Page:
13 thoughts on “Sellwood Pool, circa 1911

  1. I think a relative of Dolly Parton may have lived in Sellwood at this time.
    Girl holding the rope to her two friends, standing in the pool on the right, “it’s too deep here, I’m going back to the shallower end.”
    The girl sitting at the pool’s edge (nearest the camera) is telling her two friends in the water that she’s going to stay out for a while.
    A mother at the far end of the pool is saying to her child, “Be careful, Bobby, you’re getting me all wet!”
    The girl looking at the camera is just moments from slipping back into the pool.

  2. “FREE BATHS IS CRY — Many Drownings Attributed to Lack of Them. Contractors Very Coy: No bids have been received for Sellwood Pool, yet bathing season at hand. Devotees clamor for accommodations” is the headline of an Oregonian article on p. 13 of the May 22, 1910 issue. This is followed by a list of 21 “bathing fatalities” – those who died in the Willamette River during the previous bathing season, which lasted less than five months. After some discussion of the worries for the future, the paper reported that bids published two months earlier for “public bath tanks” in all the large parks of the city had not received many responses. Only the one in Sellwood was to be erected before Fall.

    By August 16, the Oregon Journal reported (on p. 2) that the Sellwood Park swimming pool was ready to use. “All days except Wednesday and Thursday will be free, while on these days a fee of 25 cents will be charged for the use of the pool, bathing suits, towels and lockers. Fred Perkins has been selected as instructor and will be on hand during the open hours. Classes will be organized among adults and children and the services of the instructor offered such organized classes. … The pool is 120 feet long, 80 feet wide and two feet deep at the shallow end… eight feet at the deepest point. Bull Run water is used, and it is calculated to keep this running so that 100 gallons shall be used for each person. All towels and bathing suits are sterilized before second using. It is planned to have the pool open at stated hours, and use will be offered until 7:30 o’clock in the evening. It is also planned to designate certain days for use by males and other days for females.”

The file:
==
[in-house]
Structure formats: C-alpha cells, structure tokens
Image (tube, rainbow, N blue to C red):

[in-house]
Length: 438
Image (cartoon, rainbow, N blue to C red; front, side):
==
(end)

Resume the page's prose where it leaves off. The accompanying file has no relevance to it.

On August 18, the Journal had an article on p. 16 titled “BOYS AND GIRLS SWIM LIKE FISH.” It reported that the pool had been completed the previous day, and “300,000 gallons of Bull Run water were turned into the pool…. 900 bathing suits with as many towels and lockers were placed at the free disposal of the bathers…. The water was a trifle cold at first, but the lads did not think of this.”

    By July 1911, a major headline on p. 13 in the Journal reads: POPULARITY OF SELLWOOD’S PUBLIC SWIMMING TANK INCREASING DAILY: On an average between 500 and 600 people patronize pool each day.” This is accompanied by three large photos of people enjoying the pool.

  3. Liz you beat me to the punch on much of the same info I found, but here a a few other items from the Oregonian on August 19, 1910 p. 10
    Excerpt

    An amusing incident occurred when Superintendent Mische told the boys they would have to wait until the afternoon to swim. They were greatly disappointed. Seeing an opportunity to have a good joke on the contractor, Wilson Benefiel, Mr Mische told the boys it was Benefiel’s fault and to get a rope, wait until Benefiel arrived and hang him. The boys took to the idea with enthusiasm and were waiting for the man they had been told was to blame for their disappointment, but he managed to talk them out of their proposed revenge and told them he would do his best to finish the work at once.

    The curtains ringing the poolside are changing rooms, and men’s day was on Thursday, and women’s day was on Friday.

  4. Liz, amazing info. Not only was there no chlorine (just a steady flow of fresh water) but I guess no one owned a swimsuit in those days so they had to provide them.

  5. Beautiful pool and park. Great local history!
    * Local news was on scene when they celebrated the pool’s centennial year. My grandson and friends were among the children there. We have the tape somewhere. I’ll have to find it and put a copy of this with it.

  6. Globally speaking…This photo depicts a period of dramatic change in swimming attire and culture. In the early 1900’s, an Australian professional athlete and performer with an affinity for aquatics, Annette Kellerman, had developed and introduced her form fitting one-piece tank suit and began advocating for more functional and less cumbersome womens’ water apparel. Indeed, the young people in today’s photo appear to be wearing a simpler version of the “Annette Kellerman”, one of the first mainstream modern bathing suits, with fully exposed arms and legs up to mid thigh. I’d think these young ladies are beyond happy to be the first generation not needing to dress foot to forehead to bathe, not to mention being able to move and play more freely. Speaking of risqué, Kellerman went on to acting, becoming the first major actress to perform a fully nude movie scene in the 1916 film A Daughter of the Gods.

    Closer to home…Jantzen swimwear was founded in 1910 as the Portland Knitting Company, but originally produced only woolen knitted goods like sweaters and hosiery. In 1913, at the request of Portland Rowing Club members, Carl Jantzen designed a one piece garment that became the prototype for their swimsuit line. Jantzen, the brand, was born after World War I, the “Diving Girl” graced Vogue and Life magazines by 1920, advertising “the suit that changed bathing to swimming”.

  7. This picture is facing North, the trees of the Park are behind the building, the powerlines of SE 7th to the right. the pool itself goes from 1 ft depth at the far distant right to 7ft at the left-near.

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